The most recent PTA-UK survey showed, once again, that for the majority of PTAs, fundraising in their main purpose (97%). However, for more and more, other aspects of school life are now beginning to feature. For example, for the second year in succession, over a third of PTA-UK members have reported that they are now undertaking some form of activity which encourages parents to be more involved in the education of their child/children. Approximately 10% also stated that they are helping their school to deliver the extended services and healthy school agendas. So how can you broaden the scope of your PTA?
A good place to start would be to speak to the headteacher. Find out what the school's objectives are for the future as there may be an opportunity for the PTA to assist. As an example, we know that many PTAs have helped their school with the development of its school travel plan. You can talk about short, medium and long term aims. A short term aim could be for the PTA to have a presence at all school events, such as parents' evening, induction days and so on. This will not only give the PTA the chance to illicit some support and promote its work and the benefits it brings, but to also canvass parents views on behalf of the school on any changes planned, e.g. to the school uniform.
To broaden the remit of your PTA, you need to ensure that you have the support of the PTA committee. Start by understanding the extent to which the PTA is willing to support any activities that are suggested.
There are a variety of activities that a PTA could undertake, to help parents become more engaged in their children's education, such as:-
- language support for parents with English as a second language
- support for traditionally hard to reach parents
- guidance on issues such as internet safety, bullying, drug use
- help with homework
Further information is available via the PTA-UK Information sheet Parental Involvement - getting started
- make sure you have the support of your committee
- speak to the head teacher; explain that the PTA would like to support the school in activities aimed at engaging more parents
- think about what type of activities you could undertake; perhaps a survey of parents will identify the need for a certain activity
- think about how such a project would be funded
Anchorsholme Primary School, Thornton Cleveleys, Blackpool: PATHS - Play at Home and School
The importance of play for early learning and to help children settle into school is now well recognised. Anchorsholme Primary School will tackle a lack of effective play skills and the concerns of parents about the need for more play opportunities by supporting play skills at home and school.Initially targeted at children and families in Reception, a series of play resources and activity cards will be developed. New activities will be sent home at regular intervals with parents offered the opportunity to come into school and work alongside their children to develop their play skills.The involvement of dads is a key target for Anchorsholme. Like many primary schools, whilst it has an active PTA, few dads get involved in classroom activities. Pupils, who are trained to support children's play, will help to promote and monitor the PATHS initiative. It is hoped that this will reduce poor behaviour at playtimes.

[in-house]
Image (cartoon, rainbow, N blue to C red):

Wade Deacon High School, Widness, Cheshire: Parents Road to Success
Research has shown that home access to the technology and specifically the internet has a positive impact on children's learning. However, this can be undermined significantly where a lack of parental ICT skills affects online learning at home or means that there is no home access to the internet.
Wade Deacon High School plans to tackle this issue head on by offering the European Computer Driving License qualification to parents. The objective is to increase parental ICT skills to further empower them to support their children's learning. This will also enable a greater number of parents to use the school's online learning platform to understand more about their child's progress and even to directly contribute to personalised learning plans. The school will become an accredited centre offering the qualification after which parents of Year 6 pupils in feeder primary schools will be targeted to participate.